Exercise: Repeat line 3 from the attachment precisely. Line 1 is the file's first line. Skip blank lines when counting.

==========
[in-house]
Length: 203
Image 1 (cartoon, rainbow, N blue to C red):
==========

Image 1 (cartoon, rainbow, N blue to C red):